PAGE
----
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macrumors newbie
Original poster
May 30, 2019
my mid 2012 macbook pro model no.A1278 is starting to be incompatible with things like the latest google chrome and other programs. I'm guessing I should buy a 250gb SSD on ebay then install High Sierra onto it.. I've replaced the SETI cable in the past so i'm confident about replacing the drive, but i'm not sure how to go about updating the OS onto the black drive, and transferring files and programs from the old drive. I'd really appreciate any advice or help you could give, thanks so much!


macrumors 604
Dec 19, 2004
Just clone it then update to the latest MacOS. Use Carbon Copy Cloner or SuperDuper. They both work fine.

You can get a cheap 2.5" SATA USB enclosure online. Use that for cloning. Then you can swap the drives and use your old HDD for backups.

For the OS. I'd use Catalina if all your software is supported. Otherwise use Mojave. While you are at it max out the RAM. MacOS loves lots of RAM.


macrumors member
Feb 24, 2018
I also have the same 2012 MBP model. Years ago I went with this suggestion I saw online (and I paid someone to do it because I've never tinkered inside a computer much), to keep things cheap and maximize storage:

1. get a 250 GB SSD drive to replace the spinning 500 GB hard drive

2. ditch my DVD drive altogether since I never use it (or turn it into an external USB 3.0 one if you must have a DVD drive)

3. move my spinning 500 GB hard drive to the DVD slot with a hard drive caddy

4. I got 8GB RAM. I read that this model can work with 16GB, but that Apple doesn't officially say that, and it drains battery faster. My computer is fast enough with 8GB so I think that's enough for your average computer user

5. I stayed on Sierra for two years, then skipped High Sierra and am happy with Mojave now. You still can use 32 bit apps, and I have no use for any of Catalina's features. I have the equivalent feature with Sidecar with Duet Display, and Sidecar doesn't even work with our 2012 MBP anyways


The issues I've had over the years with my MBP is that on two occasions the hard drive cable died, and when that happened the bootup screen showed me a "no entry" sign. Initially the Apple Genius Bar guy told me my hard drive had died, but a non-Apple repair shop discovered it was just the hard drive cable that died. He still charged me a lot to replace that :(

Another time it would beep a few times on bootup and get stuck there. It turned out that somehow the RAM chips popped loose, so the repair shop put them back in for me. This time they did it for free :)


macrumors newbie
Original poster
May 30, 2019
ok so for the time being i'd just like to change the OS from 10.7.5 to Sierra. I've already downloaded the Sierra.dmg and ran the installation but nothings changed.. not sure where to go from here.. any ideas?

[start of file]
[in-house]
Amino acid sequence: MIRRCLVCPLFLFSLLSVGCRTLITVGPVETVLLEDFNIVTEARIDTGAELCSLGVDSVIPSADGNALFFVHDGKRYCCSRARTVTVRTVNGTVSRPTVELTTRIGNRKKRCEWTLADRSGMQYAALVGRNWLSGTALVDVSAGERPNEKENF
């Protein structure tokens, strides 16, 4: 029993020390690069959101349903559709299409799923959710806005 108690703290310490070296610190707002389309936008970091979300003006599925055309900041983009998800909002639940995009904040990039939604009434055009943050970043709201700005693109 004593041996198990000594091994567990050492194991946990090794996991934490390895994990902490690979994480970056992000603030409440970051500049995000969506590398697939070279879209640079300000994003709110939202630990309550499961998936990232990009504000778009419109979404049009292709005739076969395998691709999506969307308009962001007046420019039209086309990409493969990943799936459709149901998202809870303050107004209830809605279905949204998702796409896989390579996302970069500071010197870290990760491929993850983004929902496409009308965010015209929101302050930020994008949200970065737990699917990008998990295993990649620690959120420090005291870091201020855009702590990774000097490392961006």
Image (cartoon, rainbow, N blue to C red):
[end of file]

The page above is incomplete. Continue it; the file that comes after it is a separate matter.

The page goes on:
actually i think i've figured it out.. just had to run the installer that was in my applications folder!
this page helped >>


macrumors member
Feb 24, 2018
I read that Apple supports the current version of macOS and the two previous versions with security updates, so that would be Catalina, Mojave, and High Sierra.

This means Sierra is no longer supported with security updates. Keep that in mind if you're staying on Sierra.

If you decide to go from Sierra to Mojave like I did, of course first back up. When I made the upgrade from Sierra to Mojave, which involved converting the SSD format from HFS+ to APFS, the update process took a bit more than 2 hours, so just be patient and let it do its thing.


macrumors Penryn
Feb 20, 2009

You already know how to open the MBP and access the drive.
Everything else is easy.

Here's what you need, and what to do:
1. Get an EXTERNAL USB3 2.5" enclosure, like this:

2. Download CarbonCopyCloner from here:
CCC is FREE to download and use for 30 days -- this won't cost you anything.

Once you have these things, do this:
3. Put the SSD into the enclosure (for now).

4. Use Disk Utility to format/erase it to
- APFS (if you're using Catalina or Mojave)
- Mac OS extended with journaling enabled (if you're using High Sierra or earlier)

5. Now launch CCC:
- Accept all CCC's default settings
- Use your internal drive as "the source".
- The external SSD is "the target"
- Click the "clone" button and follow through
CCC will clone the contents of the internal to the external

6. When done, DO A TEST BOOT:
- Reboot
- Hold down the option key CONTINUOUSLY until the startup manager appears
- Select the SSD with the pointer and hit return.
- The MBP should boot from the external SSD

7. If the test boot looks good, now it's time to power down. Swap the drives around.

8. Now, boot again, and again use the "option key trick" in step 6 above.
- Do you get a good boot?
- If so, open the startup disk preference pane and set the SSD to be the NEW boot drive.

9. Finally, power down and do a test boot, this time WITHOUT USING the option key. You should boot to the login screen or the desktop.

I'd leave the old HDD in the enclosure, and use it for a backup or extra storage.
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